Copper Rotors Preferred
General Motors' Allison Division uses copper rotors in the electric motor portion of the power trains that propel 235 hybrid buses in Seattle. Each of these big, articulated buses has two 100-kW induction motors. When the vehicle starts moving, the induction motors, acting in concert with the diesel engine, draw power from big nickel metal hydride batteries to propel it. To help brake the vehicle, the induction motors act as generators, delivering power to be stored in the batteries. GM claims that the hybrid versions are 60% more fuel efficient than the standard version.
Because the use of copper rotors contributes materially to the induction motor's efficiency, the designers chose to use rotors welded out of bars of copper for these motors instead of the less-efficient aluminum rotors often found in motors this size.
With the price of oil hovering around $50/barrel, the fuel savings are much appreciated, but dramatically lower tailpipe emissions was the motivator for opting for hybrid propulsion in Seattle, according to Transportation Authority spokesperson Linda Thielke. Seattle's city route takes the buses through a long tunnel with poor air circulation. When Seattle couldn't find similar replacements for the old diesel-electric buses in service, it opted for 235 from New Flyer, Winnipeg, Canada, equipped with parallel hybrid electric systems from GM Allison, Indianapolis, Indiana. (The buses were assembled in Minnesota.)
New Flyer, which claims to be the biggest maker of large buses in North America, has already sold five to Vancouver, British Columbia, with others in use in Philadelphia, Minneapolis, Salt Lake City and Houston, among several other U.S. cities.
Many other vehicles are likely to be equipped with motors using the highly efficient copper rotors. FedEx, which operates tens of thousands of trucks, is testing 20 "medium-duty" trucks in New York City, Sacramento and Tampa equipped with hybrid propulsion from Eaton Corp., the giant vehicle-parts supplier headquartered in Cleveland. FedEx spokesman Ryan Furby says, "The trucks are performing exceptionally well. For example, the two trucks in Sacramento have experienced 99% up time. The trucks decrease particulate emissions by 96% and travel 57% farther on a gallon of fuel, reducing fuel costs by more than a third." It's too early to say to what extent FedEx will implement hybrid technology, but it is committed to this advance, which would be helpful to FedEx customers because its fuel surcharge is 11%, the highest ever.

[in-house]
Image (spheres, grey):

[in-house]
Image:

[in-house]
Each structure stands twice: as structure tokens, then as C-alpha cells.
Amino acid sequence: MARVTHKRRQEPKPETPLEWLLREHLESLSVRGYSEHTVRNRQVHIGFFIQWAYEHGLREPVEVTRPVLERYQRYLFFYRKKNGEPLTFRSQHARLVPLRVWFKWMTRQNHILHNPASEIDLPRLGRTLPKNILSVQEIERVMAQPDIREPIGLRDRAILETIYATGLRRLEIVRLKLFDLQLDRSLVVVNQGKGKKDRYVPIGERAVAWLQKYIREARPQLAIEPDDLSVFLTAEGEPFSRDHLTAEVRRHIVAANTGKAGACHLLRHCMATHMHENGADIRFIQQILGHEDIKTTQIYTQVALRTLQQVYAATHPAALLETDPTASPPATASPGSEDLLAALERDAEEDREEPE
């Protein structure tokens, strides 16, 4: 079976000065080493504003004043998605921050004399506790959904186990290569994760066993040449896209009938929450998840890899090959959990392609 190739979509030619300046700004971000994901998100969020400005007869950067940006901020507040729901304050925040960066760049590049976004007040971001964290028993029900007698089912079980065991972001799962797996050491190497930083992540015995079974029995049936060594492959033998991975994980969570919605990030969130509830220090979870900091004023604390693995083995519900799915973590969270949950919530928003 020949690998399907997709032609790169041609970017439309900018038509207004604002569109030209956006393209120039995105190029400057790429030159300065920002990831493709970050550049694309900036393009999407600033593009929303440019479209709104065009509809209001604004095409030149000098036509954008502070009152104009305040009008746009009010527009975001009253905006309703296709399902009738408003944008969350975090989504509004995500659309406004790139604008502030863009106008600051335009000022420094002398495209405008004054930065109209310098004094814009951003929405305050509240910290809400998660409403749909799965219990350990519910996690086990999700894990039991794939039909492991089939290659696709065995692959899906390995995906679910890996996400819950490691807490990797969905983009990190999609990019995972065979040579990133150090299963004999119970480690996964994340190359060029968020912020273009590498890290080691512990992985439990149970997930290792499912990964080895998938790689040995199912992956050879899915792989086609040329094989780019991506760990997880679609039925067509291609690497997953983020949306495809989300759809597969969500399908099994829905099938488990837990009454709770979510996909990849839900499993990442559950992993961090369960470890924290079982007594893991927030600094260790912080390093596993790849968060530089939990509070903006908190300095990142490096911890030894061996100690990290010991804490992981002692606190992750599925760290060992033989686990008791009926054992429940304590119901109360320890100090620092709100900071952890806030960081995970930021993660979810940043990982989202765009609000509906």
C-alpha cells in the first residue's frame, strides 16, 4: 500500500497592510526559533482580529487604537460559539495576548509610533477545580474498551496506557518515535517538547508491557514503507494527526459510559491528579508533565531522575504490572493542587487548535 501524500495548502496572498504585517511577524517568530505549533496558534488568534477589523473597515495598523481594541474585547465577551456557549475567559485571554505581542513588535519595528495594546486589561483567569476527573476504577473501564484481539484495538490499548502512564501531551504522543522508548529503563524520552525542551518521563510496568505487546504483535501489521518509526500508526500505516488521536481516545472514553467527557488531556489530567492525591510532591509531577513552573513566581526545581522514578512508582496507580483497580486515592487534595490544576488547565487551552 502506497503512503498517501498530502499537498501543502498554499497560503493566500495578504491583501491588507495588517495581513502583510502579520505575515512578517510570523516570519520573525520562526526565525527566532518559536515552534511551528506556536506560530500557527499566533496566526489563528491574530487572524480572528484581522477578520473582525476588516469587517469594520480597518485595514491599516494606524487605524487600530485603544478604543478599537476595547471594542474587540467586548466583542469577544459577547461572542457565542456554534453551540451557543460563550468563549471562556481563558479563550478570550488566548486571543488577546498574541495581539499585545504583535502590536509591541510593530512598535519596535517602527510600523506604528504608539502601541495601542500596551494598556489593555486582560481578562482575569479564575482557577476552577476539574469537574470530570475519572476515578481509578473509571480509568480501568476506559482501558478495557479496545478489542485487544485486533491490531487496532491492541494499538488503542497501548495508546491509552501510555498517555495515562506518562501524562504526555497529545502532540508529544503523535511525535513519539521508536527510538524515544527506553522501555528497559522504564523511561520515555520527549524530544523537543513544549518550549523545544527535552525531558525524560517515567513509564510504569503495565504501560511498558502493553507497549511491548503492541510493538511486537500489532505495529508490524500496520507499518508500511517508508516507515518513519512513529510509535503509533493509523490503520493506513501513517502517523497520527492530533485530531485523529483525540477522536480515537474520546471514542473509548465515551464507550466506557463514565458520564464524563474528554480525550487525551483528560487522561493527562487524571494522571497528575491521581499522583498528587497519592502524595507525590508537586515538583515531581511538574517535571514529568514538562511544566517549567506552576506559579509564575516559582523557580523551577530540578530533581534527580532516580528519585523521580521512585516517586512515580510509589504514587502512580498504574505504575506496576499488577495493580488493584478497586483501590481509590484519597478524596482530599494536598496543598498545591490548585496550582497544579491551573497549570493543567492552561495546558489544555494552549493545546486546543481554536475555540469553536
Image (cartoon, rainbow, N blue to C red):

Although the rotors in the buses in Seattle use welded bars of copper, the day is approaching when many rotors will be cast like the GM aluminum rotors commonly used. Several European manufacturers of induction motors are now casting rotors out of copper, and American manufacturers, well informed on this advance, may follow suit. Very large induction motors have long depended on wire-wound copper rotors. Of course, the stators in all induction motors are wound with copper.
Cobasys has recently licensed to Panasonic the technology to use copper nickel for the negative electrodes in its NiMH batteries for hybrid vehicles.
Many major car manufacturers are introducing hybrid vehicles this year, and all rely on copper-based electronic controls to operate and to maximize their efficiencies. The average amount of copper in today's standard passenger vehicle is about 55 pounds; hybrids will move that up 30%-40% as they strive to improve fuel efficiency and reduce pollution.
Copper vs. Air Pollution
In addition to its pollutionreducing role in buses, there's another important way in which copper is reducing central-city pollution - the revival of light-rail transportation. For more on this subject, see Copper Topics #93.
Also in this Issue:
- Copper Helps Curb Pollution in Ports
- Commemoration in Copper
- Copper Rotors Preferred
- Currents Create Current
- Copper Dies Last Longest, Print Sharpest
- Largest Copper Roof